Monday, April 15, 2013

Bobbing for Apple TV

Well, it has been a while.  Okay, almost two years since the last post is more than a while, but as you all know life gets in the way sometimes.  However, I have been inspired to write another post.

Recently (like last week) I was able to get an Apple TV in my classroom.

And let me tell you, WOW!  I absolutely love it.  What a great and relatively inexpensive tool for technology minded teachers. Throw out your wireless mouse, slate and Mobi pad.  With Apple TV you don't need any of those outdated tools. With the AirPlay feature and mirroring turned on your iPad becomes a very powerful tool.  Basically, students can see whatever is on your iPad (or iPhone) screen.

My classes learned the DBQ (Document Based Question) process last week while also learning about the Reconstruction Era.  Of course this meant we had to look at primary sources out the wazoo!  Enter Apple TV in all its glory.  I was able to import primary sources into the GoodNotes App and voila I can annotate and analyze all the documents.  I also have the ability to move around the room as I'm doing this.

In a DBQ students will often see political cartoons or other visual documents as well.  Here, I was able to combine Apple TV mirroring with the Skitch app.  What an amazing difference it made when I (or even better the students) could use the iPad to write all over those cartoons and maps.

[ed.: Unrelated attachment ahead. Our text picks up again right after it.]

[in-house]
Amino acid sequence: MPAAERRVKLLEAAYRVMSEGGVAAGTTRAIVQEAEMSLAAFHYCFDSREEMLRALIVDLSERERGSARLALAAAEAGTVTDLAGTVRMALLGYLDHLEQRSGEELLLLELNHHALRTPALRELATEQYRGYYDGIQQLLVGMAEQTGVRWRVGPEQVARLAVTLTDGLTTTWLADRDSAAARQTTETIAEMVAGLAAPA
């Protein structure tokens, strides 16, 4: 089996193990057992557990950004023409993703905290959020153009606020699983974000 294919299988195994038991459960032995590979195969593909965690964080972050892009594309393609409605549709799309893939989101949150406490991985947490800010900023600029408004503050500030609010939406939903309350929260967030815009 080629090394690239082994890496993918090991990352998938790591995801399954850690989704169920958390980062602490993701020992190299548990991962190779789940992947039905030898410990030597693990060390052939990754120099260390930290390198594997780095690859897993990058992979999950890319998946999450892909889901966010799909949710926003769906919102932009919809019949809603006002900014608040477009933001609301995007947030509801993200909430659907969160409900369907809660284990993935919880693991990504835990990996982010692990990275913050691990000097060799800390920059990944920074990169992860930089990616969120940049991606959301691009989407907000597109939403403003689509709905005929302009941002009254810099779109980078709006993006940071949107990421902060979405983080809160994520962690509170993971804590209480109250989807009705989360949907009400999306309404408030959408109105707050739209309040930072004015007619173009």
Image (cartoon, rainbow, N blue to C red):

I can see so many possibilities with Apple TV.  Here are a few:

1) You can stream videos from YouTube using your iPad and Apple TV.  It is nice to walk around while the students are watching and taking notes and not have to run back to my computer to pause when there is a point to be made.

2) One of the best uses might be to get a class set of iPads.  The mirroring feature allows for a smooth transition from one device to another.  For example, the students could be working on different documents that were previously loaded.  They could switch the mirroring (as long as they have the password) to their iPad, and the entire class could watch them annotate.

3) Students could create videos on iMovie and then share those out with the mirroring feature.  This is so much easier than having to click on each video from the teacher computer, or even worse having each student log into their YouTube account to share out their videos.

The possibilities are many!  I would love to hear how you've used Apple TV in the classroom (mostly so I could steal your idea).

I hope this helps shake things up a bit in your classroom.  Please consider joining my PLN on Twitter.  I'm at @HistoryandTech.

Take Care,